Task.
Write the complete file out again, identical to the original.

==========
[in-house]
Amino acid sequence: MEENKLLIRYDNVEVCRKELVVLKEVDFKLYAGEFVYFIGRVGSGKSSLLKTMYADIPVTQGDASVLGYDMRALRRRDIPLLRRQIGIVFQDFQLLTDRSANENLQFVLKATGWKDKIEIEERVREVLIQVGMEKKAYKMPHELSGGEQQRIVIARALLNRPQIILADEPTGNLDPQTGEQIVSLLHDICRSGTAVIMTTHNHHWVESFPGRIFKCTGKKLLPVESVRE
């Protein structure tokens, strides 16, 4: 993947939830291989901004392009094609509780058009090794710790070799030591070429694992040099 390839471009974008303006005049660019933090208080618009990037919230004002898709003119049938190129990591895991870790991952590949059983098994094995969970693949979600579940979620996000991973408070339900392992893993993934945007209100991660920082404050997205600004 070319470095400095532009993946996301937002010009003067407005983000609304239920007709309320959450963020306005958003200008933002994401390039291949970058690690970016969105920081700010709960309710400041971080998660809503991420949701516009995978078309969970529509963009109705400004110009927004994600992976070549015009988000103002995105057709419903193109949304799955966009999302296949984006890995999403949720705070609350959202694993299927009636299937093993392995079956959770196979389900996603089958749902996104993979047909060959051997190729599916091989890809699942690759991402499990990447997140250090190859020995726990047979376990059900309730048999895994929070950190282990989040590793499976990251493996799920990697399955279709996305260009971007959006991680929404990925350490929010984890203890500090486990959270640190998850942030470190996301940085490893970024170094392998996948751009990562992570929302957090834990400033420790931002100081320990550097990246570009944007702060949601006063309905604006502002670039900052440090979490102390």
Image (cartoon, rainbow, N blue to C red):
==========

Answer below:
[in-house]
Amino acid sequence: MEENKLLIRYDNVEVCRKELVVLKEVDFKLYAGEFVYFIGRVGSGKSSLLKTMYADIPVTQGDASVLGYDMRALRRRDIPLLRRQIGIVFQDFQLLTDRSANENLQFVLKATGWKDKIEIEERVREVLIQVGMEKKAYKMPHELSGGEQQRIVIARALLNRPQIILADEPTGNLDPQTGEQIVSLLHDICRSGTAVIMTTHNHHWVESFPGRIFKCTGKKLLPVESVRE
């Protein structure tokens, strides 16, 4: 993947939830291989901004392009094609509780058009090794710790070799030591070429694992040099 390839471009974008303006005049660019933090208080618009990037919230004002898709003119049938190129990591895991870790991952590949059983098994094995969970693949979600579940979620996000991973408070339900392992893993993934945007209100991660920082404050997205600004 070319470095400095532009993946996301937002010009003067407005983000609304239920007709309320959450963020306005958003200008933002994401390039291949970058690690970016969105920081700010709960309710400041971080998660809503991420949701516009995978078309969970529509963009109705400004110009927004994600992976070549015009988000103002995105057709419903193109949304799955966009999302296949984006890995999403949720705070609350959202694993299927009636299937093993392995079956959770196979389900996603089958749902996104993979047909060959051997190729599916091989890809699942690759991402499990990447997140250090190859020995726990047979376990059900309730048999895994929070950190282990989040590793499976990251493996799920990697399955279709996305260009971007959006991680929404990925350490929010984890203890500090486990959270640190998850942030470190996301940085490893970024170094392998996948751009990562992570929302957090834990400033420790931002100081320990550097990246570009944007702060949601006063309905604006502002670039900052440090979490102390």
Image (cartoon, rainbow, N blue to C red):